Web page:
Kyle Coetzer swelled with pride when considering how Scotland have fared in recent weeks as they bowed out of the T20 World Cup with a 72-run defeat to Pakistan at Sharjah.
Scotland may have finished bottom of group two in the Super 12s with five successive defeats but they were not expected to get this far, having qualified after upsetting Bangladesh and then beating Papua New Guinea and Oman.
There have been some tough learnings for Scotland, who were bowled out for 60 by Afghanistan while their game against India lasted just 24.1 overs as they were thrashed by eight wickets, but there have also been high spots.
New Zealand were stretched closer than they would have liked in a 16-run win but while they rarely threatened to hand Pakistan a first defeat of the tournament, Coetzer reflected with some pleasure in their accomplishments.
He insisted this is not the end, though, saying: “I’m extremely proud of how we’ve played and what we’ve achieved. We’ve got an excellent group and the guys are willing to learn and are trying to learn as fast as they can.
“Being exposed to what we have been exposed to in the Super 12s is only going to make us stronger and make us actually realise some of the skills on show and some of the efforts you have to put in to achieve it at this level.
“I think we’ve shown on a couple of occasions almost what we’re capable of, we’ve got plenty left in the tank. There’s plenty to learn from and plenty to try and improve when we go home.
“It’s a huge achievement to get to the Super 12s and that’s certainly going to put us in a better place moving forward. When we go home we have to be bold and brave and make sure we push our whole organisation forward.”
In qualifying from what was ostensibly the preliminary round, Scotland guaranteed their place at the next T20 World Cup in Australia in 12 months’ time, and Coetzer hopes their journey has encouraged youngsters watching back home.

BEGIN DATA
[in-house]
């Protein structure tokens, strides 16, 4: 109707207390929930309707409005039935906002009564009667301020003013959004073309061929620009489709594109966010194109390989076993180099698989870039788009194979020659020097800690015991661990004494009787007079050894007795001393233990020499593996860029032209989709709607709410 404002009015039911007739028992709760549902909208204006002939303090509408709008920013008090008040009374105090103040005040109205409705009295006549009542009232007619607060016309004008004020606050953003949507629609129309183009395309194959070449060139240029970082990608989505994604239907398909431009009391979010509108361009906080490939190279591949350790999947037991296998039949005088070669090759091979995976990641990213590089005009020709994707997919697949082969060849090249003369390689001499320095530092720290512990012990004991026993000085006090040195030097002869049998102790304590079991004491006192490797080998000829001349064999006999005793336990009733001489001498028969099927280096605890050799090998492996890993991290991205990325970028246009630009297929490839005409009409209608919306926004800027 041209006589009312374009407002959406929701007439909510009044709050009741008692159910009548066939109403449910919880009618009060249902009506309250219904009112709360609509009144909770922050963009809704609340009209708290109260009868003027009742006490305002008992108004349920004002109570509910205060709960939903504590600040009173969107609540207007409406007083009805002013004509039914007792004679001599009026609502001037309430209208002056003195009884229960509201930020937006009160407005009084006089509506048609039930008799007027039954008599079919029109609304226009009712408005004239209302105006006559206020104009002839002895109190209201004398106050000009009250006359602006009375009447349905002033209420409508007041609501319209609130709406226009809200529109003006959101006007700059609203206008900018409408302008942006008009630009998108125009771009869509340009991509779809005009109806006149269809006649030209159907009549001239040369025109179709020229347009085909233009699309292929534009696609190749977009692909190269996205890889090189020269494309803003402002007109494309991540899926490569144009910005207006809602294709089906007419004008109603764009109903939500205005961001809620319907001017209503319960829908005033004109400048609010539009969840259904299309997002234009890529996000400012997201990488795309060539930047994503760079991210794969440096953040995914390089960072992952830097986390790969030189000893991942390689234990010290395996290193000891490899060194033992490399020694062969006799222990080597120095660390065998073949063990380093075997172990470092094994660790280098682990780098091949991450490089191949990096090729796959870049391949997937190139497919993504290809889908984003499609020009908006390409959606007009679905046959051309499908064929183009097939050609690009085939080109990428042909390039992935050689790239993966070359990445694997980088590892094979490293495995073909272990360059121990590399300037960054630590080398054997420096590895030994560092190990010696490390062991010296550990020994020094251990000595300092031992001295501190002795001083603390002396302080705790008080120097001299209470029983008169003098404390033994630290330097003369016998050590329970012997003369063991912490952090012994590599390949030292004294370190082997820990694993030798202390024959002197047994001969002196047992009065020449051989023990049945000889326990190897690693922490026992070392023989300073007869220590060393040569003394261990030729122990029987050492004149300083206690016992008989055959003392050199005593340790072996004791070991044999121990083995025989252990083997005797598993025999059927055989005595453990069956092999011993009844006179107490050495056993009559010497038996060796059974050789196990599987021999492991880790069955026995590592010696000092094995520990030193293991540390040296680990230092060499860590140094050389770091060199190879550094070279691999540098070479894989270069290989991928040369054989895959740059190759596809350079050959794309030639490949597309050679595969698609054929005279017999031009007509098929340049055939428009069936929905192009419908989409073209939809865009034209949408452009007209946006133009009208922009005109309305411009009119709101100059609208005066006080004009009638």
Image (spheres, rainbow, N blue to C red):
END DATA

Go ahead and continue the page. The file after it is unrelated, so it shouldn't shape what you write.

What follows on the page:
He said: “That’s why we’re here: we get to try and give it all for our country and be able to inspire as many people as we possibly can.
“That’s how I started many years ago, watching Scotland play in the World Cup, and hopefully there will be a few more boys and girls coming through that will want to play cricket for their country.”
Shoaib Malik set a new Pakistan record for the fastest T20 half-century off just 18 balls, equalling the tournament record set by India’s KL Rahul against the same opponents on Friday, smashing six sixes and three in the last over.
An unbeaten 54 from Malik plus Babar Azam’s 66 from 47 balls, his fourth 50-plus score in five innings, helped Pakistan add 114 runs in the last eight overs to propel their side to 189 for four, with Scotland restricted to 117 for six.
Pakistan therefore topped the group with five wins out of five to seal a semi-final clash against Australia, runners-up in the other group, at Dubai on Thursday.
Asked whether Pakistan can overwhelm their next opponents, the evergreen Malik, 39, said: “It’s way too early to discuss that.
“We have a few days in between. I’m sure the team’s going to sit down to talk about the semis, and run through the important things with the opposition in mind.
“Being a professional, you should only look at what’s ahead of you, and now the team’s focused on the semi-final and how to maintain the consistency we have shown this tournament.”